To attract more assets, kaChing, an online provider that connects investment managers with investors, has launched a platform for small and midsize registered investment advisers.

The new platform, kaChing Pro, allows professionals managing less than $500 million of assets to take on new clients and increase assets under management. More than 25 investment managers have already signed on to the platform, which started Friday.

Small-to-midsize investment managers have traditionally struggled to increase their assets under management because of difficulties in differentiating their services, the prohibitive costs of taking on smaller accounts and no effective means of distribution to reach new clients.

However, by using kaChing's platform, advisers will be able to simplify their back-office operations and focus on wealth management, said Andy Rachleff, its chief executive.

Since it launched in October, kaChing has accumulated $8 million of assets under management. But, Rachleff said he hopes to have $200 million by the end of the year. "We think that managers will bring assets with them," he said.

"To provide the best experience," Rachleff said, "we need to attract as many investment managers as possible. The more investment managers, the more investors that are using our platform."

Dan Carroll, the Palo Alto, Calif., company's founder, said the platform would also help RIAs market themselves to smaller investors. He called kaChing Pro an "Amazon-style self-service storefront" for advisers looking to attract mass-affluent clients. "In a [separately managed account] world, a lot of investment managers have high investment minimums and a lot of managers are turning money away because investors don't meet minimums," Carroll said. "Now they can turn those investors over to kaChing where they can make the same investments, but on a different platform."

KaChing requires a $3,000 minimum investment. A traditional separately managed account could have a minimum investment as high as $200,000.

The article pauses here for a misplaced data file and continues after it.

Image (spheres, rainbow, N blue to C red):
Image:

Analysts said that many investors are disenchanted with mutual funds and are turning to companies like kaChing. Its biggest competitor in this space, Covestor Investment Management, a New York and London company, is also attracting assets by targeting mass-affluent investors. Covestor has a minimum investment of $10,000 and Perry Blacher, its CEO, said it has seen a surge in large portfolio managers joining the platform.

In March, Covestor announced that five investment management firms have signed on to allow its clients to mirror the firms' portfolios. This added 12 new portfolios to give Covestor a total of 24 professional money manager models and 34 models from nonprofessionals on its platform. Covestor expects to have 100 models by the end of this month and 300 to 400 models by July.

Blacher said many portfolio managers are tired of working with wire house firms because they are often "squeezed hard on fees." With a firm like Covestor or kaChing, advisers have an opportunity to develop direct retail distribution, Blacher said.

Carroll acknowledged that Covestor is a competitor, but said it does not have the equivalent of kaChing Pro. "There are two significant differences between kaChing and Covestor," Carroll pointed out. "All of our managers have to be professional and that is not the case on Covestor. We carefully screen the managers on our site and only a small percentage qualifies. [Covestor does not] have that either."

But, that doesn't bother Blacher. Covestor started as a company with "investors talking to investors," and has no plans to move to kaChing's "professional-only" model," he said. "Part of the power of the Internet is that individual investors have the same access to tools and research," Blacher said. "Investors should be able to follow both other investors and professional money managers."

Platforms offered by companies such as these are not for every investor. Burton Greenwald of BJ Greenwald Associates in Philadelphia said they require more of a "do-it-yourself approach at a time when investors are begging to have their hands held." Greenwald said it could be difficult for these companies to attract significant assets, but he would not be surprised to see them bring in $3 billion collectively in the next three to five years.

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